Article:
Pete Buttigieg is a liar

If we want to “drain the swamp” in Washington DC, then we cannot elect a President who shamelessly lies for political gain. This means that Pete Buttigieg must not be elected President. Buttigieg showed his character last summer when he lied about the 2018 Indiana Republican Party platform.

Here is Pete Buttigieg’s shamefully dishonest post on Twitter:

Quick question for @indgop after today’s platform vote against marriage equality: Do you propose that our marriages be broken up? Or just stripped of legal protection? #INGOP18

Here is the strong families language from the Indiana Republican Party’s 2018 platform:

We believe in strong families. We believe that strong families, based on marriage between a man and a woman, are the foundation of society.We also recgonize that some families are much more diverse and we support the blended families, grandparents, guardians, single parents and loving adults who successfully raise and nurture children to reach their full potential every day.

There is not one single word in the 2018 Indiana GOP platform that opposes “marriage equality.” In fact, the “loving adults” language implies support for same-sex couples. To pretend that the 2018 platform advocates that same-sex marriages be “broken up” or denied “legal protection” is an outright lie.

This is not about the issue of same-sex marriage itself. This is about character and integrity. This is about whether we can trust our leaders. Buttigieg has proven that he cannot be trusted.

One thought on “Pete Buttigieg is a liar

  1. btowncoltsfan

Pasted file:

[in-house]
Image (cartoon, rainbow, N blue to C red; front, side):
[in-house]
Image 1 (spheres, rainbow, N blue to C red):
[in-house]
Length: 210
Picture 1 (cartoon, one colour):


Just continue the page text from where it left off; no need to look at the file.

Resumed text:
I have been following Pete since his first run for Mayor in 2011 and your concerns about him are perhaps the least of my concerns about him. I must admit that I haven’t followed what he has done as mayor in SB; however, I did follow the initial campaign closely because I had a very personal interest in it. He ran on a platform that had NO ideas of his own– merely riding on the coattails that he was a Rhodes scholar and a “veteran” (though very, very, limited service). At the time, he definitely did not come out as gay and he tried to cover up his lack of ANY kind of real work experience by acting like “consulting” (if he actually did any) wa a real job. Needless to say, I was sorely disappointed that he won the 2011 primary and won a second term as well. And while his education as a Rhodes scholar must have taught him to keep his campaign oh so positive, what went on behind the public scenes and perception was quite the opposite. When he came out as being gay, I seriously thought he was doing that as a gimmick because that had become the “cool” democratic position. I still believe his over exagerated ego and quest for power is a far greater danger than whatever his sexual orientation may or may not be. I have copied just a brief account of an article with a couple of reader comments which are from his first campaign. Sorry to run on so long but I totally agree with you that he is not someone we would want as the leader of our country. (Needless to say, i am so glad he not win his attempt to be the leader of the Democratic Party. If this country is to continue in the greatness it’s enjoyed the last several centuries, we need ethical, moral, qualified, life experienced leaders in both parties. We need Mr. Smith to go to Washington….. oh, for the good old days when issues could be discussed in a cival and honest manner not matter how opposing the opinions on the issue may be)